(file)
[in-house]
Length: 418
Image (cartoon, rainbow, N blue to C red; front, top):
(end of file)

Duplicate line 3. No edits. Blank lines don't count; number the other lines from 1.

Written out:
Image (cartoon, rainbow, N blue to C red; front, top):